Rest is a fundamental necessity for most living creatures. While the exact amount of rest each type of creature needs may vary, they all still must rest in order to recuperate from wounds, rid themselves of fatigue and strife, and replenish their spell slots.
A short rest is a period of no less than an hour, in which the character does nothing more strenuous than reading, writing, talking, and binding wounds.
At the end of a short rest, a character may expend one or more Hit Dice to restore any lost hit points, up to their maximum number of Hit Dice. For each Hit Die expended, the player rolls the dice (as determined by their class) and adds their Constitution modifier. A player can decide to roll an additional Hit Die after each roll.
A long rest is a period of time of at least 8 hours, 6 of which must be spent asleep. The remaining hours can be spent doing light activity like eating or standing watch. If this period is interrupted by strenuous activity for more than an hour, such as walking, fighting, or casting spells, the characters gain no benefit and the time period resets.
After a long rest has been completed, a character regains all lost hit points. The character also regains expended Hit Dice, up to a maximum of half of the character’s total number of them (minimum of 1). For example, a character with 10 Hit Dice who has expended 8 would regain 5 Hit Dice after a long rest.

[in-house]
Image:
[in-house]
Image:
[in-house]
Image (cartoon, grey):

A character cannot benefit from more than one long rest in a 24-hour period, and must have at least 1 hit point at the start of the long rest to benefit from it. Any character that does not consume at least 1 Supply suffers a level ofwhen they finish a long rest, and adventurers are only able to truly recuperate within a haven. A character recovers from one level of fatigue and one level of strife after finishing a long rest in a haven where they have consumed Supply. When taking a long rest and consuming Supply without a haven, a character can recover only from the first level of fatigue or strife.
Resting and Havens
While on a journey, adventurers are only able to recover from the second level and beyond ofon a long rest when they have access to a haven.
A haven is a place to get a meal and a full night’s sleep without the reasonable risk of attack or harm from the elements. For example, an inn is considered a haven, but a campsite where adventurers must take turns keeping watch through the night is not. Some spells and class features may create havens.